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Thread: Anyone Wana start a thread on product photography?

  1. #21
    Senior Member Cheesecake's Avatar
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    Quote Originally Posted by hptay
    Hi Cheesecake,

    your photo looks very unique.
    its colors are very brilliant.. screaming out for me to go get a tiger.. hahah
    perhaps I will try to mimic your photo if you don mind Though ur setup sounds simple, I doubt I will even come close to reproducing such effects ...

    so much to learn...
    i was trying to mimick the successful tiger beer ads back then during the 'tiger time' days! haha

    it is a really simple set-up, mr.tay.
    but getting the composition in, and the lights to fall into the right place, is another thing. u can try to get it done like what RNCW has done with his ikea lightings or like my own preferred clamp light-holders.

    u can get these low cost lightings and have hours of fun... literally.

    we r all learning too!
    You'll Never Walk Alone! - i have the best job in the world!

  2. #22

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    Quote Originally Posted by Cheesecake
    ...
    it is a really simple set-up, mr.tay.
    ...
    OT alittle ..
    just call me hp lar..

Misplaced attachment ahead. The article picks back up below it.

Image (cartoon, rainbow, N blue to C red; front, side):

make me sound so old.. hahaha

  3. #23
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    Rcnw, thats a good setup compared to forking out money for the Light-tent and camera lights!

    I tried with 2 floor lamps ( LoL! ) before and the lighting still aren't enough and throws harsh shadows.... needs diffusing.
    Your setup works much better, with a seamless background and mebbe muslin draped on the lamps ( can buy at Spotlight); i think will work close to a light tent!

    Most times I observe a white background ends up looking grayish though...

  4. #24

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    Quote Originally Posted by steely
    Rcnw, thats a good setup compared to forking out money for the Light-tent and camera lights!

    I tried with 2 floor lamps ( LoL! ) before and the lighting still aren't enough and throws harsh shadows.... needs diffusing.
    Your setup works much better, with a seamless background and mebbe muslin draped on the lamps ( can buy at Spotlight); i think will work close to a light tent!

    Most times I observe a white background ends up looking grayish though...
    to get a nice and uniform background (white or otherwise) you need to light it seperately from your subject. that will ensure the best lighting.

    i once learnt that you expose for the background first, then the subject. but that was mainly for outdoor portraiture. the theory is you make sure the BG is nicely exposed, then light the subject to balance. try it, see if you like it.

  5. #25
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    Quote Originally Posted by sehsuan

    rncw:
    1 shot - looks underexposed to me. 1/2 or 1 stop more should be ok. the word "rosso" look like the squares are greyish.

    2nd shot - overall, lighting is better than 1st shot. good usage of multiple light sources, as evident as you showed later